Trying to figure out what kind of doctor you should become? Wondering what specialty you should choose? Then SheMD's Why Specialty Series is perfect for you! We're bringing you female physicians sharing WHY they chose their specialty. Today's post is on why Dr. Grayson chose the field of psychiatry and why child and adolescent psychiatry is a great field.
“Sometimes people need to take the wrong path in order to lead them to the right one”
This was definitely the case for me. I completed 3 years of neurology residency before switching my specialty, and entering into psychiatry. A few months later, I decided to do a fellowship in child and adolescent psychiatry (child psychiatry). I discovered after changing my career path that this was a common path for many psychiatrists. Many have switched from residency in other fields to psychiatry. Now I absolutely love going to work every day and I can’t imagine doing anything else. I definitely could not say this a few years ago as a neurology resident.
Why didn’t I pick psychiatry in medical school?
“Psychiatry is a pseudoscience”
“Is it even medicine?”
“Listening to people complain all day will cause burn out”
“Your talents will be wasted on psychiatry”
Psychiatry is a field that carries a lot of preconceived notions and stigmas. During medical school I let statements like these influence my specialty choice and rank list, despite knowing deep down that psychiatry was where I belonged.
Why did I change to psychiatry?
Not long after starting neurology residency I knew it definitely wasn’t for me. I was just not happy. I found myself wanting to spend more time sitting and talking to patients about how their illnesses impacted them and their lives. I remember sitting with one patient who was labeled “non-compliant, a problem patient, frequent flyer” and asking her about her life and how she was doing and coping. She broke down crying and told me about how hard it had been to get out of bed and care for herself and her child. I spent forty five minutes with her, referred her to therapy, and started an antidepressant. Six months later she came back for a follow up and was a completely different person. A year later she was taking her medications and had stayed out of the hospital for eight months. This was the turning point where I realized psychiatry was what I was meant to do and made the decision to switch.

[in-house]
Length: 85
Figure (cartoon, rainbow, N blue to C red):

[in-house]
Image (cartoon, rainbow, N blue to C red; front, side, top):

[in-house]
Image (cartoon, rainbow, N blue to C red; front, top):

Switching to psychiatry was one of the best decisions I have ever made. My days no longer seem like work. Once I switched there was no question that I wanted to fast track to child and adolescent psychiatry. My passion since I was young was working with children, and this passion resurfaced. I think child psychiatry is an amazing, fun, and rewarding field- and one that we are not exposed to enough in medical training.
10 Reasons Why You Should Consider Child and Adolescent Psychiatry
1. Psychiatry is Both an Art and a Science
Psychiatry is a combination of science and art. In psychiatry we follow algorithms and choose treatments based on evidence-based research, but at the same time we realize that every patient is different. There is room for creativity. Prescribing an antidepressant is rarely successful without taking the time to fully understand a patient and their situation. Rather, the best treatment plans in psychiatry are as complex as the patients themselves, involving therapy, medications, and often social interventions and behavior changes.
2. Work-Life Balance